Worst government yet
Since the end of the war, with the exception of two years of rule by moderate parties, Bosnia and Herzegovina has been governed by officials who use ethnic tensions to mobilize their ethnically-based constituencies to support them.
Since the 2006 elections, the Bosnian government has passed 90 laws out of 370 they planned (a dozen of these had been prepared by the previous government) while the rest were passed for all intents and purposes by the international community. In the same period, Bosnian Parliament adopted 150 out of 500 planned laws and regulations.
Studies conducted by local NGOs show that the five parties in power implemented 18 out of 367 of their election promises from 2006. The above-mentioned visa-free regime was one a 2006 election campaign promise, with current governing parties promising citizens a visa-free regime by 2008 at the latest.
In mid-August, the Sarajevo-based Citizen Association “Why Not?” presented its analysis of 2006 pre-election promises. Darko Brkan, president of the association, told ISN Security Watch that the study showed that the ruling parties entirely betrayed voter trust.
“Aside from fulfilling only some 5 percent of their election promises, only one quarter have been partially realized, while 251 have been completely neglected. Furthermore, five parties made 17 promises that would be impossible to fulfill, were not in their jurisdiction to fulfill, or had already been fulfilled,” Brkan said.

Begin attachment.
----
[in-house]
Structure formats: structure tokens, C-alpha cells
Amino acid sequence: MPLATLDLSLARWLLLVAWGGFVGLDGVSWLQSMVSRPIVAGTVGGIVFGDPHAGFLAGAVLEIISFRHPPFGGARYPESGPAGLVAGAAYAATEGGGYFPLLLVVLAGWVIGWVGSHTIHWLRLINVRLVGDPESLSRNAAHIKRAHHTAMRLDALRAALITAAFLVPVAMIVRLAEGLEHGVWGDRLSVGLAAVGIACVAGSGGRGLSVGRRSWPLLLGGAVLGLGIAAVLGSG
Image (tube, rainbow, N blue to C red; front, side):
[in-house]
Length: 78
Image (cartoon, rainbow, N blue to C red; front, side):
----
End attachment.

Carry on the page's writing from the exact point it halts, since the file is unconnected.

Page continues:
Brkan said he hoped that Bosnian voters would recognize the ruling parties’ failure, and has launched a website monitoring the realization of election promises, with the aim of increasing voter awareness ahead of October.
More failures and missed opportunities
The European Court of Human Rights ruled that Bosnia must change its constitution to end discrimination against minorities before the October election. Several rounds of EU-US initiated constitutional reform talks failed to that end, and the elections are going ahead despite this.
Bosnia also missed the 1 September deadline for fulfilling its last requirement (the registration of all military equipment in the country) for NATO’s Membership Action Plan (MAP), and as such, membership has been postponed for another year.
Bosnia’s EU membership is also in limbo, and Brussels is clearly not willing to make the same mistake it made with Bulgaria – accepting the membership application of a country that is not yet prepared to fight corruption or to move on reforms that would create political and economic stability.
Fear trumps disillusionment